Jaki Knaus is a skilled graphic designer and illustrator based in Oahu. After graduating from the University of Hawai’i at Manoa with a B.A. in Psychology, Jaki developed a successful career in marketing and started a design company in 2015. With over 10 years of experience in the field of design, Jaki has cultivated a robust skillset in various areas of creativity and technical know-how. One of Jaki’s most notable accomplishments was his part in the development of the University of Hawai’i STAR GPS application which is currently used across all campuses by both students and faculty. A vast majority of his skills are self-taught and he continues to learn new forms of technology. During his free time, he enjoys fishing, training jiu-jitsu, playing video games, training his therapy dog, and spending time with his friends and family. Jaki is a member of the American Institute of Graphic Arts (AIGA), an Audio/Visual Technician for the Cathedral of St. Andrew, an Episcopal Church founded by Queen Emma and King Kamehameha IV, and a proud advocate for LGBTQIA+ rights across the nation as an openly Queer Transgender Man. Jaki serves as the Communications Specialist for Pouhana O Nā Wāhine.

Dr. Dayna Schultz, Psy. D., LSW, CSAC (Kanaka ’Ōiwi) is the founder and Executive Director of Pouhana O Nā Wāhine. “To understand with your heart is Aloha.” Dayna believes that everyone has a story to tell and possesses the ability to change their narrative as they grow. Being in the field for over 20 years, she has had the privilege to work with and serve individuals and families from diverse backgrounds and circumstances such as suicide and crisis intervention, domestic violence, trauma and addiction, along with the incarcerated population and those dealing with housing insecurities.  Dayna welcomes individuals to share their stories with her in a safe space and at their own pace. She provides a sense of warmth, compassion, and Aloha that fosters a “Kākou” (together) effort.  As a Native Hawaiian Survivor of various traumas, Dayna continues to be guided by her na’au and ancestors daily in efforts of working toward ending violence from and within her people that will lead to peace, harmony, and sense of Aloha in all ways, always.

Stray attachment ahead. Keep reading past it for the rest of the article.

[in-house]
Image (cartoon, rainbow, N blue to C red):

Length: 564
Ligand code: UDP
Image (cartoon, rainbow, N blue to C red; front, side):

Vernon Viernes was born and raised on the island of Oahu with a passion to serve and help others. With over 20 years of experience in social work, he has touched the lives of individuals that come from diverse backgrounds. Vernon has worked in the field of addictions and incarceration, while primarily focusing on the NH family unit. He has volunteered with prison ministries, Hawaiian health groups, Camp Agape which serves children of incarcerated parents, and malama ʻāina (respecting and caring for the land) work. His latest journey is with Pouhana O Nā Wāhine as their Training and Technical Assistance Specialist. His desire and love for the NH culture lead him to Malama aina work which includes growing malama kalo (taro). Malama Haloa (protect the taro) above all — Vernon believes in gratitude and guidance from his ancestors. “I need to mahalo ke Akua and numerous kumu/teachers, kupuna, mentors and role models who helped me develop my abilities and gifts so that I can serve and malama communities and ka Lahui (the Hawaiian nation). Live aloha aku, aloha mai (give aloha, receive aloha).